And this post from a couple years later, where I wrote:

I continue to think that Ashraf and Galor’s paper is essentially an analysis of three data points (sub-Saharan Africa, remote Andean countries and Eurasia). It offered little more than the already-known stylized fact that sub-Saharan African countries are very poor, Amerindian countries are somewhat poor, and countries with Eurasians and their descendants tend to have middle or high incomes.

I asked if this was helpful.

Baron replied:

Yes and no. The second reference seems to state the problem, but in a way that is specific to this case. Yet I see this sort of thing all the time. I’m not concerned about the direction of causality. That is a separate problem. I think that the correlations across countries are highly deceptive when the countries fall into groups of very similar countries. When correlations are deceptive in this way, they are not useful for inferring any sort of causality, even if we can infer its direction from other considerations.

In assessing the reliability of a correlation (by any method) it helps when N is higher. With an N of 35, a correlation can be clearly significant (for example) when the same correlation would be nowhere close to significant if the N is 3. Yet, if 35 countries fall into 3 groups of highly similar countries, the effective N is more like 3 than 35. Even worse, if the countries fall into two groups, you cannot even compute a true correlation at all. It only appears that you can when you use country as the unit of analysis. In the present study, this problem is exacerbated because the sampling of countries used, out of the population of all countries, is not at all random.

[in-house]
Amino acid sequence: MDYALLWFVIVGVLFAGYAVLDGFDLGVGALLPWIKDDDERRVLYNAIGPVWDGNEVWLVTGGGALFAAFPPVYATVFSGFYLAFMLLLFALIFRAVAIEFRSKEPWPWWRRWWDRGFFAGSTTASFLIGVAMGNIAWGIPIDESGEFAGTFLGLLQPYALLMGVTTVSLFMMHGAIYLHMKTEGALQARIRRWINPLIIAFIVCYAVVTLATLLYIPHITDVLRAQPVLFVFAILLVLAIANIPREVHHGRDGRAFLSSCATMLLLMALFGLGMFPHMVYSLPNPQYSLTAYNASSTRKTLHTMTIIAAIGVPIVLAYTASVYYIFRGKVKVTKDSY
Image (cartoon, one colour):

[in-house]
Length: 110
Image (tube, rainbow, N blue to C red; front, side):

The same problem occurs, however, when analyzing U.S. states, in studies that look at the entire population of states. Many of these correlations arise because states fall into groups: Confederacy, New England plus West Coast, flyover country. For example, I’m sure that “average humidity” correlates with “percent of evangelical Christians” across states, but that is really the result of the Confederacy alone, hence a historical accident.

I guess an analogous problem occurs with time series. If “year” is the unit of analysis, you can get a nice correlation that is really the result of two linear trends over some period of time. (You can even use “day” and have a huge N.) I think this problem has been solved statistically. But I don’t know of any way of solving the problem of what might be called spatial or multi-dimensional similarity.

I don’t know that I’d say that the high percentage of evangelical Christians in the southern U.S. is a result of the Confederacy—maybe we’d still see if those states had never seceded and that war had never happened—but that’s not really the point here.

My response to Baron’s question is that you can deal with this sort of clustering by fitting a multilevel model including indicators for group as well as country. That said, this won’t solve the whole problem. As always, inferences depend on the specification of the model. In particular, including group indicators in your regression won’t necessarily resolve the problem. Ultimately I think you have to go to more careful models. For example, if you are comparing what’s going on in 35 countries, but they’re all in 3 groups, you might want to separately do analyses between and within groups.